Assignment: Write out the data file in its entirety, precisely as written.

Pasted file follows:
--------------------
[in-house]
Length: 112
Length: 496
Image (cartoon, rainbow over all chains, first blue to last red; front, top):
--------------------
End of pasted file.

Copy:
[in-house]
Length: 112
Length: 496
Image (cartoon, rainbow over all chains, first blue to last red; front, top):